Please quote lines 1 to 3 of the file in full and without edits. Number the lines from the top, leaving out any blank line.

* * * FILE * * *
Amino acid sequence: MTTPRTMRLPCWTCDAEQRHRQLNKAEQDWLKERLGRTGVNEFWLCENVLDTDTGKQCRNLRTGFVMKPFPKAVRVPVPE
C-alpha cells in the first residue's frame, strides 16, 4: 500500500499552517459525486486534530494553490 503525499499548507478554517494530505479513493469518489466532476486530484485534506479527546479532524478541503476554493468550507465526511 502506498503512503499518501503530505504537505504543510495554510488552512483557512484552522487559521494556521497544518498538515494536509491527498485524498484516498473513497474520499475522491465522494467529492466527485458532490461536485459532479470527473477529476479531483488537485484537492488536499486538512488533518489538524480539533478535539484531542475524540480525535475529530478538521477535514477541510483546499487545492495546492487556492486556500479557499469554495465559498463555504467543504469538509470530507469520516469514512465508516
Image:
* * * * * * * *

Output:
Amino acid sequence: MTTPRTMRLPCWTCDAEQRHRQLNKAEQDWLKERLGRTGVNEFWLCENVLDTDTGKQCRNLRTGFVMKPFPKAVRVPVPE
C-alpha cells in the first residue's frame, strides 16, 4: 500500500499552517459525486486534530494553490 503525499499548507478554517494530505479513493469518489466532476486530484485534506479527546479532524478541503476554493468550507465526511 502506498503512503499518501503530505504537505504543510495554510488552512483557512484552522487559521494556521497544518498538515494536509491527498485524498484516498473513497474520499475522491465522494467529492466527485458532490461536485459532479470527473477529476479531483488537485484537492488536499486538512488533518489538524480539533478535539484531542475524540480525535475529530478538521477535514477541510483546499487545492495546492487556492486556500479557499469554495465559498463555504467543504469538509470530507469520516469514512465508516
Image: